Stanford Jewish Student Association Board Speaks Out Against ‘Distressing’ Flyers

May 10, 2019
Photo from Pixabay.

Stanford’s Jewish Student Association Board spoke out against the anti-Semitic flyers that recently appeared on the university campus as “distressing” in a Stanford Daily Op-ed May 10.

The flyers, which were found on May 3, featured cartoons from satirist Eli Valley that depicted American Jews supporting Israel as dinosaurs as well Daily Wire editor-in-chief and Journal columnist Ben Shapiro defending Pharaoh at a Passover seder. Valley is speaking at a Stanford Students for Justice in Palestine (SJP) and Jewish Voice for Peace (JVP) event Friday.

The board wrote in their Op-ed, “Many students were alarmed to find these images, which portray Jews offensively and grossly mischaracterize Jewish values, in their residential environments,” adding that “such images foster misunderstanding, prejudice and violence.”

Stanford SJP and JVP took down the flyers and issued an apology May 6, however they wrote in their apology that the full context of Valley’s work shows that the cartoons, and Valley himself, are not anti-Semitic. The board wrote that Valley’s “work is antithetical to thoughtful reflection on Jewish identity and normalizes damaging stereotypes about the Jewish people, the Jewish culture and the Jewish religion. His work crosses the line from pointed political criticism to offensive denigration of Jews; sometimes, he even evokes the blood libel and other anti-Semitic depictions that have been used for centuries to justify hatred of and violence toward millions of Jews.”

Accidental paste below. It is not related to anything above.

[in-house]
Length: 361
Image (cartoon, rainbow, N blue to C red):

The board went on to state that they want attendees to Valley’s event to understand the board’s “disgust with his work, and to bear in mind the distressing impact that his cartoons have caused for many members of the Jewish community. We urge the Stanford student body to contextualize offensive portrayals of Jews within a long and devastating history of anti-Semitic stereotypes.”

The Friday event will feature Valley speaking about his work, followed by an exhibition of work. Valley tweeted that the publicity surrounding the event has resulted in it being limited to students and faculty at Stanford and that anyone from the outside who is interested in coming should contact him directly to be put on the guest list. He has insisted that his work is satirical, not anti-Semitic.

Judea Pearl, chancellor professor of computer science at UCLA, National Academy of Sciences member and Daniel Pearl Foundation president, told the Journal in an email, “Stanford will go down [the] path of UC Irvine unless its moral leadership can bring themselves to recognize Zionism as central to the collective identity of many of their students.” Pearl’s late son, Daniel Pearl, graduated from Stanford in 1985.

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